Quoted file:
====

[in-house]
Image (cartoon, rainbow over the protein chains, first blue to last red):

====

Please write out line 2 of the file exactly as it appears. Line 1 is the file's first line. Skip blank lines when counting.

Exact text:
Image (cartoon, rainbow over the protein chains, first blue to last red):